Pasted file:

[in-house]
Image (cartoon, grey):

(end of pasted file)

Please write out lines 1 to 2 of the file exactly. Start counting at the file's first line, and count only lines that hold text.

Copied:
[in-house]
Image (cartoon, grey):